Appeal from judgment of sentence of Court of Common Pleas, Trial Division, of Philadelphia, Feb. T., 1968, No. 1405, in case of Commonwealth of Pennsylvania v. Robert Davis.
I. Raymond Kremer, with him Neil H. Stein and Kremer, Krimsky & Luterman, for appellant.
Judith Dean, Assistant District Attorney, with her Milton M. Stein, Assistant District Attorney, James D. Crawford, Deputy District Attorney, Richard A. Sprague, First Assistant District Attorney, and Arlen Specter, District Attorney, for Commonwealth, appellee.
Jones, C. J., Eagen, O'Brien, Roberts, Pomeroy and Manderino, JJ. Opinion by Mr. Justice O'Brien in Support of Affirmance. Mr. Chief Justice Jones and Mr. Justice Eagen join in this opinion. Opinion by Mr. Justice Roberts in opposition to affirmance. Mr. Justice Pomeroy and Mr. Justice Manderino, join in this opinion in opposition to order of affirmance. Opinion by Mr. Justice Pomeroy, in opposition to Order of Affirmance. Mr. Justice Roberts and Mr. Justice Manderino join in this opinion in opposition to order of affirmance.
Judgment of sentence affirmed by an evenly divided Court.
Judgment of sentence affirmed.
[EDIT ] Opinion by Mr. Justice O'Brien in Support of Affirmance:
Some time in the morning of July 21, 1967, Mrs. Hattie Stirling discovered the dead body of her daughter, nine-year-old Vintress Stirling, in the apartment which Mrs. Sterling and Vintress shared with Mrs. Stirling's three younger children. The police, summoned by an aunt of the deceased, arrived on the premises at 8:30 a.m., where they found the victim's body, lying face up on the bed with bruises around her neck and face and with foam around her mouth.
On the basis of circumstantial evidence, the jury found appellant, Robert Davis, guilty of first degree murder. Appellant admitted that he had spent the entire night in the Stirling's apartment, allegedly waiting for Mrs. Stirling, who had gone out with a boy-friend, and that he had been admitted to the apartment by the victim. Mrs. Stirling testified that when she returned home at 1:30 a.m., the appellant threatened to kill her. She claimed that she attempted to check on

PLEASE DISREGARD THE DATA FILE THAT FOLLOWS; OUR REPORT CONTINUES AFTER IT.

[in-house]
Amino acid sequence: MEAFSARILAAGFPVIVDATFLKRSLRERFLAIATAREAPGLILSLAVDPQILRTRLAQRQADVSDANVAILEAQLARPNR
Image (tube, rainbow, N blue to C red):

the welfare of her children, but appellant held up a sheet partially obscuring the decedent so that Mrs. Stirling did not suspect anything until, still in the company of appellant, she discovered the decedent's body the following morning.
The decedent's sister, Sandra, who shared a bed with the decedent and a younger sister, testified that she had awakened at sometime the previous evening to hear the appellant ask her where her sister usually slept, after which the appellant pushed the decedent up toward the head of the bed. Sandra had no idea whether her sister was alive or dead at the time.
At the trial of appellant, the Commonwealth sought to show that the victim had been killed before 1:30 a.m., but that this fact had been concealed from Mrs. Stirling. The appellant's theory was apparently that Vintress had been killed by an intruder sometime after 1:30 a.m., during which time appellant was, at all times, with Mrs. Stirling.
The Commonwealth's theory was that the murder was committed pursuant to an attempt to commit rape or sodomy on the victim. This theory was supported by evidence that acid phosphastase, an enzyme produced by the male during ejaculation, was found in the foam in the victim's mouth and by evidence that semen stains were found on the victim's bed linen and on the pajamas and panties she was wearing at the time of her death, as well as on appellant's shorts. Although appellant, by vigorous cross-examination, established that since acid phosphastase is also produced in the digestion of certain green vegetables and no sperm was discovered in the foam, the presence of semen in the victim's mouth was not clearly established; the appellant did not really contest the Commonwealth's theory that the victim had been murdered pursuant to an attempt to commit some sort of sexual abuse. Instead, appellant tried to show that the Commonwealth had not
linked him to the crime beyond a reasonable doubt. Nevertheless, the jury found appellant guilty of murder in the first degree and ...